Research Article: Can mindfulness mitigate the energy-depleting process and increase job resources to prevent burnout? A study on the mindfulness trait in the school context

Date Published: April 4, 2019

Publisher: Public Library of Science

Author(s): Gloria Guidetti, Sara Viotti, Rosa Badagliacca, Lara Colombo, Daniela Converso, Sergio Garbarino.


Past studies in the teaching context provided evidence of the role of mindfulness-based intervention in improving occupational wellbeing. This study aims to increase the extant knowledge by testing the mechanism that links teachers’ mindfulness at work to occupational wellbeing. Rooted in the job demand–resource model, the mindfulness trait is conceptualized as a personal resource that has the ability to impact and interact with job demands and resources, specifically workload stress appraisal and perceived meaningfulness of work, in affecting teachers’ burnout.

A sample of primary, middle, and secondary school teachers (N = 605) completed a questionnaire that aimed to assess teachers’ mindfulness trait and the measures of the quality of occupational life in the school context. Confirmatory factor analysis (CFA) was conducted to test the model fit indices; further analyses were performed to test the hypotheses about mediation and moderation effects.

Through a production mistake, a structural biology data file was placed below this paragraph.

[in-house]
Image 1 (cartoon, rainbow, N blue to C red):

The CFA showed good model fit indices. Further analyses highlighted that teachers’ mindfulness is negatively associated with workload stress appraisal and that positively influenced work meaning, in turn mediating the relationship between mindfulness and burnout. Finally, mindfulness moderated the effect of workload stress appraisal on burnout.

Rooted in the job demand–resource model, this study emphasizes an underrepresented personal resource, that is, the mindfulness trait at work, and the links that favor its impact on burnout. Practical and future research implications are also discussed.

Partial Text

The aim of this study was to increase the extant knowledge about the role of trait mindfulness as a psychological resource. Specifically, we focused our examination on the teaching profession, using a context-specific measure of mindfulness at work. Consistent with the JD-R model [19] [20], and with past studies on the role of mindfulness [8] [9] [11] [39], the study examined if trait mindfulness for teachers could impact on the perception of the workload stress appraisal and on a specific job resource, that is perceived meaningfulness of work and, at the same time, if mindfulness at work is a resource able to modify the impact that these job characteristics have on burnout.




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